Flamingo Dev Log

Flamingo – What’s the Deal?

with one comment

(This post is rather old, and some of the information is wrong due to changes in the application. The general idea is still the same. For specific details, refer to the documentation (after it is written, of course).)

The reasoning behind the switch from Opossum to Flamingo is pretty simple. Think about Opossums. They’re hairy, smelly, disgusting, and unwanted. That’s how I felt about my engine. The more I added the more  locked in it became, the opposite of how I envisioned it at the start. I needed a clean slate. I needed something elegant, something unconfined, something faster, something pink.

At it’s heart Opossum was a sketchpad. It was a test. And now that I’ve learned what does and doesn’t work, I’m ready to build the real thing. Extensive planning has gone into the project already. Here’s a summary of how things are going to work for the most part in the final product:


There are two coordinate systems in Flamingo: the rendering coordinate system and the physics coordinate system used by box2d. The first step to understanding how everything fits together is figuring out how the two coordinate systems work together.

Opossum used native SDL rendering which made mapping coordinates a mess. (0,0) was in the top-left corner of the screen, so all of the physics had to be done in the IV quadrant and then the y-value had to be flipped for each entity before rendering. This caused a lot of headaches.

Flamingo will be migrating to OpenGL rendering. Luckily (0,0) is on the bottom-left of the screen in OpenGL, so most of the physics and all of the rendering coordinates will be positive.

In addition there are World coordinates and Local coordinates. World coordinates are relative to the origin and local coordinates are relative to an entity’s central point.

These coordinate systems are combined to form RW, RL, PW, and PL.


Next is the concept of a Sprite, which I’m sure you’re all familiar with. A Sprite is simply an image that is blitted (drawn) to the screen. Sprites are grouped together in SpriteGroups and are all blitted together. Every Sprite instance is in at least one Master SpriteGroup. Sprites are positioned with RW coordinates.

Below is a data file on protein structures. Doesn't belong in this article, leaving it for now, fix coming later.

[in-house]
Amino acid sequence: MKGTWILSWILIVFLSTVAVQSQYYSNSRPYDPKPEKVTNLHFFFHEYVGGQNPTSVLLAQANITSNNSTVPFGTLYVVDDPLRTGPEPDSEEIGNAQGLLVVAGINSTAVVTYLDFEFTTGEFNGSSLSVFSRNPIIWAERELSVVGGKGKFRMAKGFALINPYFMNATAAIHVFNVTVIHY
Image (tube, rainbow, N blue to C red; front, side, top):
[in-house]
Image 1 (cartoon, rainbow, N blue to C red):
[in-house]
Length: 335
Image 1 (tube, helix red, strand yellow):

Objects (subclass of Sprites)

An Object is a sprite that updates it’s position and rotation based on a box2d body (If you are unfamiliar with Box2d, I suggest reading the wiki). These can be either rectangular or circular and use PW coordinates.

Compound Objects

A Compound Object is essentially a collection of Objects that act together as a unit. They can be attached with joints or not.


A viewport is a rectangular or circular area in RW coordinates. These are the “cameras” that let you see the world. Whatever is inside of these areas is blitted to the screen. These can include custom drawing functions to make things like Radars.


A map is a collection of images, sounds, and scripts all bundled together with the MapEditor. These are saved as .fmap files and loaded directly into the Game. All of the resources are tied up in the map file, so distribution is extremely easy.

This is one of the core aspects of Flamingo. All of the scripts are offloaded into the map files themselves. All you have to do is load map and the scripts are loaded with it. Doing the scripts in this way makes development much easier; you no longer need to add a bunch of specific map code to the core source files themselves, eliminating all the headache associated with it. In addition it makes it very easy for the players to create and distribute their own maps.


A character is a specialized Compound Object with sounds, scripts, and animations. They are created with the CharacterBuilder, saved as .fchar files, and loaded into the Game. Characters follow the same script philosophy as Maps.


Written by bradzeis

November 26, 2009 at 10:06 pm

Posted in Flamingo

One Response

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  1. Looks very promising, keep it up!

    Przemysław Müller

    December 9, 2009 at 1:48 am

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